Capsizing of Tuvalu boat carrying vaccines highlights climate change challenges, UNICEF says

By Thomson Reuters Apr 26, 2024 | 3:02 AM

By Kirsty Needham

SYDNEY (Reuters) – The capsizing of a boat carrying childhood vaccines and health workers in Tuvalu underscored the challenges of healthcare in remote Pacific Islands as they battle extreme weather caused by climate change, the U.N children’s agency UNICEF said.

UNICEF supports Pacific Islands with reliable supply of vaccines, a priority in a region where hospitals can run out of medicine because of remote locations.

Extreme weather in low-lying atoll nations such as Tuvalu, which is impacted by climate change and rising sea levels, was also creating health challenges, UNICEF’s Pacific health specialist Frances Katonivualiku said.

“Health workers took vaccines to one of the remote islands and the boat capsized – the vaccines, health workers, everyone in the water. It is a really challenging situation,” she said in a telephone interview from Tuvalu on Wednesday.

In the incident last Monday, the health workers were rescued by islanders who took them to shore on the southern island, before they returned to the nation’s capital Funafuti, she said.

“We don’t have many health workers, so it is the same people that will need to recuperate and then go out again,” she added.

Tuvalu’s national election result was delayed in February after lawmakers were unable to travel to Funafuti from outer islands for two weeks because of king tides and extreme weather. Scientists predict Funafuti risks being inundated by 2050 because of climate change.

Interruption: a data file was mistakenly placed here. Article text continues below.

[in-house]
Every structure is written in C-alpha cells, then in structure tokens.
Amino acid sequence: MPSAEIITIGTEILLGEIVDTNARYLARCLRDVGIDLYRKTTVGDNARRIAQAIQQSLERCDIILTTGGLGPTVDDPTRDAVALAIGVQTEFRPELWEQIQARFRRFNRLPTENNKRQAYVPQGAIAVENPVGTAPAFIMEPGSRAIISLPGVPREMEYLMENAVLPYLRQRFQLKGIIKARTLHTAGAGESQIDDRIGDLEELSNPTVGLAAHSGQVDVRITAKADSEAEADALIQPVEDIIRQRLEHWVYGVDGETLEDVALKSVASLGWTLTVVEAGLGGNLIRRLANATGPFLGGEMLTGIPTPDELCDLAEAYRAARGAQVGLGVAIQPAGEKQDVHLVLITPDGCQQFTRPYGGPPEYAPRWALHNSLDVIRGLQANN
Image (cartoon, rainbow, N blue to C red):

Dr Katonivualiku, who is visiting Tuvalu from Fiji for the immunisation programme, said extreme heat also made it difficult for mothers to bring babies to receive vaccinations during the day, so they had switched to evening clinics.

UNICEF had supplied fridges to ensure vaccines are stored at the correct temperature.

UNICEF said it had reached a milestone this week of nine Pacific Island nations, including Vanuatu, Samoa, Tonga, Tuvalu, Cook Islands, Nauru, Niue, Tokelau and Kiribati, committing to introduce childhood vaccines for Pneumococcal, Rotavirus, and Human Papillomavirus (HPV) in their national immunisation programmes.

“We are seeing a tangible decrease in instances of pneumonia and diarrhoea since we have introduced these new vaccines. It is having an impact on the lives of children because these are the major causes of death in children under five,” she said.

(Reporting by Kirsty Needham; Editing by Michael Perry)